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Want to be launched into space?

To do so you’ll need a set of licences depending on your planned mission.

For a start you’ll need a Civil Aviation Authority licenced launch vehicle that takes off from a Civil Aviation Authority licenced spaceport. As part of that launch activity a range licence is also needed. This addresses how an operator will mark out, and keep clear, safety zones which may include both areas around the launch site, underneath the initial flight path of a launch vehicle, and areas where rocket sections and debris is planned to fall.

Not only does this come with the massive benefit of making space safer, it is also a legal requirement under the Space Industry Act. Range control services must be provided in support of spaceflight activities. It is a key pillar of the regulation that makes the space sector, a very difficult and hazardous industry, much safer.

What are range control services?

As with fireworks its good practice to stand well clear of a rocket launch. A range control service oversees, clears, and controls a zone to make rocket launches safer.

A diagram showing the different space licences in the UK

To be granted a launch licence you need to justify to us that the risks from your spaceflight activities have been reduced as low as reasonably practicable and different techniques and technologies can help, a range service provider may supply some of these. These range services generally fall under five areas – STINC:

Surveillance: Space is hard and during a rocket launch, things don’t always go to plan, and that’s why it is a requirement for hazard areas to be watched carefully. Zones need to be determined where the initial period of launch poses a risk and where parts of the rocket may fall so that they are clear of boats, people, and structures. To keep this area clear boundary boats, cameras and radar systems amongst other techniques may be used.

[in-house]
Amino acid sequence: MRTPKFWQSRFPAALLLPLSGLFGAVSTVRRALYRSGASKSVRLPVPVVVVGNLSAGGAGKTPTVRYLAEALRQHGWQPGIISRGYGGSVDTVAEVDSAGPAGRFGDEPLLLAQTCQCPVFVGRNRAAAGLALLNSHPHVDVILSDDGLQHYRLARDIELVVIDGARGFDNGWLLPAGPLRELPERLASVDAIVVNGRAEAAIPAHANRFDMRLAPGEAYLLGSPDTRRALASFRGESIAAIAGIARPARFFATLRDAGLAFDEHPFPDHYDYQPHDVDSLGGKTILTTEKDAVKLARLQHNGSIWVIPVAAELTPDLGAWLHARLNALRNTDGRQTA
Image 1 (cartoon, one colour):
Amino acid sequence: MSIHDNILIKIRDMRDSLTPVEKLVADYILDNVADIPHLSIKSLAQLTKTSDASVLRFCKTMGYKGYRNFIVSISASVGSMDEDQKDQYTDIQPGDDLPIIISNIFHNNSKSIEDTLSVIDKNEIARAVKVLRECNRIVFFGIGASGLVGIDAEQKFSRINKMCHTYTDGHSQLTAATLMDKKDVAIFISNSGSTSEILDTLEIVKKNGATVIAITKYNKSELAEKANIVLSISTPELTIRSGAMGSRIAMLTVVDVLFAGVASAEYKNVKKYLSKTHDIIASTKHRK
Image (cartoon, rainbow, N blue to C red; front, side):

Tracking: It is important that you know where your rocket is at all times during your mission. To track your rocket there are a variety of methods available such as radar and telemetry, and even advanced automated flight termination systems that mean the rocket knows where it is and can destroy itself safely if it goes off course.

Identification: Marking out hazard areas and defining the flight limits alongside the launch operators’ flight safety analysis. Should a rocket stray off course it can be destroyed safely, reducing the risk to others. This involves assessing the capability of range equipment to help inform safety measures – greater accuracy may mean smaller zones can be used.

Notification: Planes and boats that are likely to be in the surrounding area need to be made aware of any rocket launch. It is essential that notifications are sent out using established notification service providers for example in the UK NATS or the UK Hydrographic Office to ensure all parties are warned of the risks and keep their distance.

Co-ordination: Having clarity over who’s in charge. Making sure there are experts in place to manage a cleared zone and the various tasks that come with that.

As with all our space licensing we are non-prescriptive, we are not going to send you a checklist instead we can work with you to make your space activity safer. You won’t necessarily need to provide all these functions to obtain a licence, but the above information hopefully helps guide the sort of information that is helpful.

If you’d like to find out more about range licences and how to apply then take a look at our website: www.caa.co.uk/space or read more about space licensing here.






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